October by Torchlight

Wandering around the garden at night with a torch this month, I picked out these beauties. First off, my late flowering white foxglove.Photo of white foxglove

The Michaelmas daisies are still putting on a show.Photo of Michaelmas daisies

The apples look rosy day or night and smell divine.Photo of apples on tree

Damp lawns and woodpiles are good places to find fungi.

Of course the lawn is carpeted in a multitude of autumnal leaves.Photo of autumn leaves on grass


A Rainy Night

Every Herefordian checks their apples regularly, even if it means turning out on a rainy night. Apart from a suspicious looking moth, they seem fine.Photo of wet apples at night

The waning moon was visible between scuds of rain clouds.Photo of waning moon

The solar light makes a pleasing pattern. There used to be a rotary washing drier thing here, but all that is left is the metal holder. Despite painting it white I was forever tripping over it in the dark, so I have put a solar light in it. I have probably just given myself something else to trip over …Photo of solar lightOf course, there is the inevitable hedgehog. This is one of the hoglets, it seems to quite like me.Photo of  hedgehog


Things have been transforming as we move from spring into summer. The strawberry flowers have turned into strawberry fruits.

The apple blossoms are forming apples.

The gorse flowers are becoming furry pods.

The tiny yellow flowers of the smoke tree are turning pink, the bees are still hyperactive on it though.

The honeysuckle and St John’s Wort have begun their journey into “berryhood”.

The proud poppy has been battered down by the rain.

This pretty rose has been transformed into a hunting ground for a spider.Photo of spider on rose

Five days on, not only are my alpines still alive, but the plant at the back is now flowering! Thank you everyone for your kind support for my gardening efforts.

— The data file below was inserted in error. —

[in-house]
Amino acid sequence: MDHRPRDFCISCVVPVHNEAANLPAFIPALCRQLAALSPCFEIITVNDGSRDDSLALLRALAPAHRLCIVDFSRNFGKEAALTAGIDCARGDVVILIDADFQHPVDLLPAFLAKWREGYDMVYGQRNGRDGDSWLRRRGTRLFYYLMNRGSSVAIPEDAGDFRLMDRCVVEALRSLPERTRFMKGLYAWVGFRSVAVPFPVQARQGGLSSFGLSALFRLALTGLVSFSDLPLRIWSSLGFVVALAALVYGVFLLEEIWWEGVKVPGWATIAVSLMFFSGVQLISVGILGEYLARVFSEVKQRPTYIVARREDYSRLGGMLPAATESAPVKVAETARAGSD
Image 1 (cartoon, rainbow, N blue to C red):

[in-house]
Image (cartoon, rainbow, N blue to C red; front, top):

The fledgling crow has been looking perkier and stronger today. He flew down from the tree rather well, though he makes no attempt to fly up into anything (he climbs the tree). His parents brought one of his siblings, who can fly, to join him today. They were all eating together, so that was a good sign. I’m guessing the parents have been putting more effort into the more advanced chick in another garden up until now.Photo of fledgling crow

Where the Cider Apples Grow

One of the pleasures of living in Hereford is the sweet aroma of apples that often fills the air. When Herefordians aren’t growing cattle, they are growing apples. We put these apples to very good use – we make cider out of them.Photo of apple

Cider is an alcoholic drink made from apples (in the USA it is known as hard cider). Under UK law, cider must consist of at least 35% apple juice. Cider apples typically contain more fruit sugars than other apples which aids in the fermentation process. There are different apple cultivars with variations in acidity and tannin, these are blended to provide different levels of sharpness, bitterness or sweetness.

Photo of Woodpecker sculpture

Bulmer’s Woodpecker Sculpture designed by Walenty Pytel 1969

Traditionally farmers would make cider from their own orchards to provide refreshments for the farm labourers who would help at busy times of the year, such as harvests. Any excess would be sold to local pubs.

In the 17th century, Viscount Scudamore brought back a Redstreak apple pip from France to Hereford and raised his very own cider apple tree. Soon everyone was doing it and Herefordshire was turned into one big orchard. There are still 9,500 acres of cider apple orchards in Herefordshire. Cider overtook ale as the national drink. In 1763 the Prime Minister, Lord Bute, introduced a tax on cider resulting in his effigy being burned in market squares across Britain.